How To Talk To Children About Coronavirus
While Australians have been told there is no need for panic around COVID-19, the complexity of the disease and its community impacts can be difficult to comprehend for adults let alone for young children.
As our leaders warn of a "new normal" with the number of cases rising daily and restrictions around community protection increasing, child development experts say it's likely that children will have questions about the virus.
Director of Emerging Minds Brad Morgan said it's important to begin any conversation with children about the coronavirus with discussing what they are directly experiencing or witnessing themselves.
Morgan told 10 daily the conversation can be as simple as asking children what they had heard or seen or asking them if they had any questions.
He said importantly, the next step was to correct anything they had heard that was incorrect, before focusing on 'actions' that both the community and the family were taking to help prevent the virus from spreading.
"Be honest, but also respond in hopeful and positive ways," Morgan said.
"If they have been exposed to stuff in the media, really talk about what they’ve noticed and what they’ve seen and ask them questions."
"Generally what we would really encourage is to talk about the practical things being done to manage some of these things."
Founder of Parenting Ideas Michael Grose said deciding exactly how much to tell young children can be a "fine line to walk".
"Often sitting down and talking to them, saying ‘what do you know about covid-19?’ you might not get very far, but if you can plug into the news issues, plug into what might be happening at school or some of the events, they’re more likely to open up," Grose told The Project.
"Then you can have those conversations that you really need to have."
Dr Charlotte Keating, a psychologist specialising in children and teens, said it was important to be truthful and honest with children but also reassuring.
She said it was important parents of high school children, and year 12 students in particular, were still being supported during what would likely be a period of disrupted learning.
"I think many schools are considering what the next steps are, relative to what we've seen happen in other places around the world," Keating told The Project.
"It's possible that kids will be spending a lot more time at home, possibly having some of their education delivered online."
Keating said it was important for parents and caregivers to stay ahead of what those potential changes might be and how to support the transition from school-based to online learning.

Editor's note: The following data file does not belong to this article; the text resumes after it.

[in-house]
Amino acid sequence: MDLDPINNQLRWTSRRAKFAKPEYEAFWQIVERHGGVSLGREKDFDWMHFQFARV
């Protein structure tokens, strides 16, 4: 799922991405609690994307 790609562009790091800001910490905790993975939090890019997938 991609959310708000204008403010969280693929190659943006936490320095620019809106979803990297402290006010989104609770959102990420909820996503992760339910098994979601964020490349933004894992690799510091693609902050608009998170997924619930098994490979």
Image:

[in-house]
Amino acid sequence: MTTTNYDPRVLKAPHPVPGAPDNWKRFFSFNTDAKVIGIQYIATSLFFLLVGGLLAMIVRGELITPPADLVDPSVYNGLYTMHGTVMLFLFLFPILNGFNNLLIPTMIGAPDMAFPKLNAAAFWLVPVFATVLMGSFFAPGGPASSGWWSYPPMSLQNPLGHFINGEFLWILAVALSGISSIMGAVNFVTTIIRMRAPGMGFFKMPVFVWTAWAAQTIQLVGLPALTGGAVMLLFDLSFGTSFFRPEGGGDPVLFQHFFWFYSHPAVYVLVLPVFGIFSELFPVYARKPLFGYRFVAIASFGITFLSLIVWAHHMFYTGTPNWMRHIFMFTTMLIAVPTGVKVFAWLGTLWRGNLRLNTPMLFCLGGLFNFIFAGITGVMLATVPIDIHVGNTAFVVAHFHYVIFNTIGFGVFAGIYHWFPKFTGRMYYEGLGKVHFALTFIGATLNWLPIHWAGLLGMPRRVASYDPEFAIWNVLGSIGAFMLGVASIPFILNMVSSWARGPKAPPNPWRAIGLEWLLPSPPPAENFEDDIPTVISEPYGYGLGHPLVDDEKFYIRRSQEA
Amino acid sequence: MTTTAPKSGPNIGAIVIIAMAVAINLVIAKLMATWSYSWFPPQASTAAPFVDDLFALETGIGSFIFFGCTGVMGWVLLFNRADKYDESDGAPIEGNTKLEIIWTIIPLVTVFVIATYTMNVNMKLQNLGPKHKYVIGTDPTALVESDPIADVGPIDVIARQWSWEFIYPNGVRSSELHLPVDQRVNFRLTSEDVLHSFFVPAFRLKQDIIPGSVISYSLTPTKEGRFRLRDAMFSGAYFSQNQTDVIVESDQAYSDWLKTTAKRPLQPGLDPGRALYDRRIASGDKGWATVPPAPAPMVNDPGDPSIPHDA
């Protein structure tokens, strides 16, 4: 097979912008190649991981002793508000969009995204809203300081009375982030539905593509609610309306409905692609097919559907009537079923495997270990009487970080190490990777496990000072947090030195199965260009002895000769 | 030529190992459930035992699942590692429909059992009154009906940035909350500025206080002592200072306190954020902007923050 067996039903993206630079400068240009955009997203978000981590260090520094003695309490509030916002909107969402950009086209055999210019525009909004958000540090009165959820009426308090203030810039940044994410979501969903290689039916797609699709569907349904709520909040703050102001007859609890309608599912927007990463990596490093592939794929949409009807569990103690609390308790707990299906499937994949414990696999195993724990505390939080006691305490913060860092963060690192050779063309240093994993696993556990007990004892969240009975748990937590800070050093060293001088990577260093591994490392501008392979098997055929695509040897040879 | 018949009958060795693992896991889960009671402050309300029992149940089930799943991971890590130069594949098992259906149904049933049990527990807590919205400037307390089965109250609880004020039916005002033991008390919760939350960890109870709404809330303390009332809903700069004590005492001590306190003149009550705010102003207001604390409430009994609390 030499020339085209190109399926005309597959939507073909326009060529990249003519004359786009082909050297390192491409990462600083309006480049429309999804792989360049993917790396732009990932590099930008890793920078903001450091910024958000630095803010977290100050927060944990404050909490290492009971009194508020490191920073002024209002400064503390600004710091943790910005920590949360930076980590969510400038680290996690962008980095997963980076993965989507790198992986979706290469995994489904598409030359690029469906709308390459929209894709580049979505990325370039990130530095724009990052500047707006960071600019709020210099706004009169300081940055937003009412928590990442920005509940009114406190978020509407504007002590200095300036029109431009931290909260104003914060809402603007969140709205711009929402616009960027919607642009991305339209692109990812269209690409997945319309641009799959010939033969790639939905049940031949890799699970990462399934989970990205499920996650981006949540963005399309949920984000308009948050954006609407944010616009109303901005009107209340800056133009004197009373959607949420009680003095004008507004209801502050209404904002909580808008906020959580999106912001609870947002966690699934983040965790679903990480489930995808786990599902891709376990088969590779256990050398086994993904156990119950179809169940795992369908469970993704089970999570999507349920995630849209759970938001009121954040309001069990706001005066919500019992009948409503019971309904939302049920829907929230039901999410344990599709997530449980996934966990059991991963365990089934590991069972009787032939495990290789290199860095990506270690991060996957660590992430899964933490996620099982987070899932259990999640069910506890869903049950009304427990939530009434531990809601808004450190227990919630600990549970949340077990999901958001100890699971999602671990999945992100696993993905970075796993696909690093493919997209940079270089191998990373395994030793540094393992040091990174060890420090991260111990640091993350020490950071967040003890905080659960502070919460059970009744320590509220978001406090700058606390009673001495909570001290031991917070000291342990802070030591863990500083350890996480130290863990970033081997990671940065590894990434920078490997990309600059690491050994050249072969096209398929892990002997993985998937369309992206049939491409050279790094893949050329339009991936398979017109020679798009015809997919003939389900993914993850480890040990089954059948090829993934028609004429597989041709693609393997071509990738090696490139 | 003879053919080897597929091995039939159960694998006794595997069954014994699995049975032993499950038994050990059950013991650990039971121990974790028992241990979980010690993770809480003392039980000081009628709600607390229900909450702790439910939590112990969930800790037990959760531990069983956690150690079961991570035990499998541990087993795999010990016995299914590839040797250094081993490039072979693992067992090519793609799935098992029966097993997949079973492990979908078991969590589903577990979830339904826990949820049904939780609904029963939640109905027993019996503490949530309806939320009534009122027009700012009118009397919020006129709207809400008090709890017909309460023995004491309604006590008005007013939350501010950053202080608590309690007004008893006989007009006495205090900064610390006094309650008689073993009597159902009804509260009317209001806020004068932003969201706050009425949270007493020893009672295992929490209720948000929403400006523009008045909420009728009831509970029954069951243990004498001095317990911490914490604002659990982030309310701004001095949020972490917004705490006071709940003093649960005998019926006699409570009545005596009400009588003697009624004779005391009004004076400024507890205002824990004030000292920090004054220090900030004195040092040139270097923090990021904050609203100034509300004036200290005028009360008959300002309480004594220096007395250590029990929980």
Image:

Morgan told 10 daily it was also important to tell children about how the risk of coronavirus was being managed inside the family home more generally.
Morgan said this could also be used when discussing children's fears around the virus, particularly if they had heard about the greater risks for vulnerable members of the community.
"So for example saying, if someone in our family becomes unwell, we might all need to be home together," he explained.
"It might mean we can't go to school or work, but we might find some other things we can do together. We also have enough stuff in the pantry or we've organised for someone else to get it for us."
'Every Cloud Has A Silver Lining'
Psychologist Lea Waters told The Project it was also important families look at the 'silver lining.
"I think one of the things that we can keep in mind as we’re all getting through this pandemic together is that every dark cloud has a silver lining and the silver lining right now is more quality family time," Waters said.
"Let’s have movie nights, meals together, all the things we say we’re going to do but never have time to do as a family."
Keating suggested it was also important to think about how routines and rituals at home might change if the whole family is at home together for an extended time.
"Have a think about how you might meet the needs of work, school, play, online, offline, kind of opportunities, but really I think spending a lot of time at home is just such an opportunity to slow things down," Keating told The Project.
"Connecting, being kind, working out self-care rituals together, writing a list of all the different things you can think to distract yourself and enjoy and have fun with at home."
"Whether it be learning a new hobby, cooking together, baking, really trying to get creative and you know, enjoying the whole family getting involved in it."
Morgan said it can also be a good reminder to parents to also self-monitor their own screen-time intake at home.
"Parents and educators can also monitor our own consumption of media and sort of start quarantining our own time looking at these [coronavirus-related] stories."
"We are all conscious as parents there's obviously a lot of anxiety and some of it is because of the uncertainty," he added.